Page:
“Warnings to evacuate and the like are pretty meaningless if the targeted area is inherently civilian, such as a refugee camp. In this case (Rafah), civilians were killed within the very area that they were supposed to flee to,” Buck told TAC. “The counterargument would be that Hamas militants were using the civilians as shields. Regardless of the veracity of that claim, it is the responsibility of the attacking force, in this case, the IDF, to use tactical patience to strike or capture those targets in more favorable conditions that would not assuredly kill civilians. Their inability to do so suggests gross incompetence, malice, or shocking indifference.”

What about his experience?

“I spent over five years in the intelligence community doing counterterrorism analysis related to the war in Afghanistan, nearly a year of which, while deployed overseas, I directly supported special operations forces in their operations directed against high-value targets. During that time, I assisted in prosecuting dozens of airstrikes from UAVs and conventional aircraft, and I cannot recall a strike even remotely similar to the one conducted by the IDF on the Rafah refugee camp.”

He went on: “When I was deployed overseas from 2011 until 2013, the teams that I supported had a zero-tolerance policy towards conducting strikes that could have conceivably resulted in the killing of women and children. I witnessed several operations that leadership called off to prevent such an outcome, and we developed alternative solutions to striking or capturing those individuals at later times and under more ideal conditions.”

The Israelis say they have been using “precision-guided” strikes to get at Hamas. They claim—and are supported by reports of the U.S.–made Boeing label on them—that the munitions used to attack in the Rafah tent encampment were the smallest bombs possible, GBU-39s, used to attack “high precision targets” and that the fire was started by some sort of secondary explosion on the ground. (There have been at least two attacks on nearby tent encampments since.) The U.S. has so far deferred to Israel’s own investigation before determining whether this crossed any red line into civilian harm or war crime.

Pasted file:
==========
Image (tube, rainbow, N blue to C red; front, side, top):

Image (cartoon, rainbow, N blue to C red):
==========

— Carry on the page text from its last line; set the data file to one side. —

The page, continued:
Ret. Col. Douglas Macgregor, a TAC contributing editor who also served in the Persian Gulf War, balks at the idea that there is any “precision” in what the IDF is doing, in Rafah or anywhere else in Gaza, today.

“What is happening in Gaza has nothing to do with precision. In addition, history teaches that bombing urban areas makes the resulting ruins easier for the opposing force to defend. If the IDF wanted to focus on killing Hamas it would have flooded the tunnels with seawater and moved very deliberately through the city, block by block,” he told TAC. 

“Instead, the Israeli [air force] engaged in a campaign designed to kill or drive out the population while simultaneously leveling the urban areas. The goal is to make it impossible for the population to ever return to the homes they had.” 

Daddis also questions the idea that the Israelis are engaging in any higher level “precision” to protect civilians. “Then how do you account for the casualty disparity? If this is such a precise manner of warfare, how do you explain the high number of civilian casualties?”

“I think those who are actually guiding Israel’s military policy right now are not thinking about precision right now, they are thinking about revenge and extirpation,” he added.

Certainly revenge was on the minds of many Americans after September 11, 2001. They did not, however, level Kabul or starve out its citizens. Yes, over the next 20 years, the U.S. in myriad ways showed its darkest self. That should not be forgotten, but it must not be used to explain away Israel’s actions today, and U.S. veterans can’t be made the scapegoats.